But during that same period, there was a seismic shift in public attitudes toward high technology, with once-popular companies like Google or Facebook criticized for their almost monopoly powers, their strengthening of conspiracy theories, and their relentless diversion to algorithmic emissions. Long-term fears about the dangers of artificial intelligence appear in publications and on the TED stage. Nick Bostrom of Oxford University has published his book Superintelligence, introducing a number of scenarios in which advanced AI could deviate from the interests of humanity with potentially catastrophic consequences. In late 2014, Stephen Hawking told the BBC that “the development of full artificial intelligence could lead to the end of the human race.” that this time the algorithms may not just sow polarization or sell our attention to the one who offers the highest price – they can destroy humanity itself. Again, all the evidence suggested that this force would be controlled by several Silicon Valley megacorporations.

The Sand Hill Road dinner program that July night was nothing if not ambitious: devising the best way to direct AI research to the most positive result possible, avoiding both the short-term negative consequences that plagued the era of Web 2.0 and long-term existential threats. From this dinner, a new idea began to emerge – one that will soon become a complete craze for Sam Altman of Y Combinator and Greg Brockman, who recently left Stripe. Interestingly, the idea was not so much technological as organizational: if AI were to be launched in a safe and useful way, it would require innovation at the management level and incentives and stakeholder involvement. The technical path to what the field calls artificial intelligence or AGI was not yet clear to the group. But the alarming predictions of Bostrom and Hawking convinced them that the achievement of human intelligence by AI would consolidate an astonishing amount of strength and moral burden in anyone who eventually managed to invent and control them.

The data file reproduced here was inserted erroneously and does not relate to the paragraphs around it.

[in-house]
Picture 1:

In December 2015, the group announced the creation of a new facility called OpenAI. Altman has signed on as the company’s chief executive, with Brockman overseeing the technology; another attendee at the dinner, AlexNet creator Ilya Sutzkever, was hired by Google to lead the study. (Elon Musk, who also attended the dinner, joined the board of directors but left in 2018.) In a blog post, Brockman and Sutzkever outlined the scope of their ambition: “OpenAI is a non-profit study for an artificial intelligence company.” they write. “Our goal is to improve digital intelligence in ways that are likely to benefit humanity as a whole, unlimited by the need to generate financial returns.” They added: “We believe that AI should be a continuation of individual human wills and in the spirit of freedom, as widely and evenly distributed as possible.

The founders of OpenAI would issue a public charter three years later outlining the basic principles behind the new organization. The document is easily interpreted as a not-so-subtle digging into Google’s “Don’t Be Evil” slogan from its early days, acknowledging that maximizing the social benefits – and minimizing the harms – of new technologies has not always been a simple calculation. While Google and Facebook have achieved global dominance through closed source algorithms and their own networks, the founders of OpenAI have promised to go the other way, freely sharing new research and code with the world.